Top 5 Tips for Winter River Fishing
Saturday, 15 December 2018 @ 09:47
We are extremely lucky at Cosgrove Park that we have not just one but two rivers in which to fish. The River's Great Ouse and Tove run through the park and can provide excellent fishing especially at this time of the year. With the park being closed from November to April residents can visit between 9am and 4pm and enjoy the whole stretch.
Before I talk about the actual fishing let me first mention that unlike the lakes on the park and the local Grand Union Canal the rivers are subject to a closed season between 15th March and 15th June and it is an offence to coarse fish the rivers during this closed season!
A couple of other thing's to mention is the rivers are far more dangerous to fish than most still waters. The banks are often very steep and can be extremely slippery especially on a morning like the one in the picture above. Also you can of course take your car into the park during office hours but DO NOT DRIVE ON THE GRASS you may get stuck and you can cause serious damage to the grass and the ground!
Tip 1 - Location, Location, Location
As perhaps you've already gathered if you've read my blogs fish location is perhaps the single most important aspect of my angling, if you can find the fish you are over halfway there and this is even more important in river fishing during the winter. Unlike the warmer months there can be hundreds of metres of river devoid of any fish then fish of all species will be crammed into one small area. If you can find that area the fish are not usually too difficult to catch. You can of course target different species of fish by using different tactics and baits, but especially during really cold weather just try all the available swims and catch whatever is feeding at that time! Investigate all the classic features such as overhanging trees and bends etc but also try deeper glides, holes below shallow runs and not forgetting classic crease swims.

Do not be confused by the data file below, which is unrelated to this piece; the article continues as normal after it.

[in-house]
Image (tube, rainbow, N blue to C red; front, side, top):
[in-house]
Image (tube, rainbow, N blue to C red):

Get the location right and the Gt Ouse is capable of producing monstrous chub like this 8lb plus November specimen for resident Mark Jones
Tip 2 - Tackle and Tactics
Of course you can float fish the rivers and for me there is nothing quite like trotting especially with a centrepin outfit but I tend to leave that tactic for the warmer months. For me winter river fishing is all about ledgering and feeder tactics using simple gear and baits.
For almost all of my fishing I use my trusty John Wilson Signature Avon/Quiver 1.25lb tc at 11' with a very soft fibreglass quivertip, teamed with a Shimano 5010 baitrunner loaded with 6lb main line.
A very simple but strong / reliable outfit is as good as it gets for winter river fishing - note how the rod tip is elevated to assist in holding out in the flow
Simple terminal rigs are the way to go with very simple link ledger and cage feeder rigs. You really don't need fancy sometimes complicated rigs that we tend to use in stillwater and especially in carp fishing. I tie my link ledger rig use the 6lb main line straight through with a 5 turn water knot making the ledger link 5" - 6" long and a hook length 12" to 24" long. I tend to weight the rig using swan shot usually between two and five depending on flow. I also often use a cage feeder when using mashed or liquidised bread again the weight depending on flow. Hooks are tied direct to the 6lb main line as well using sizes 16 up to 8's depending on bait size.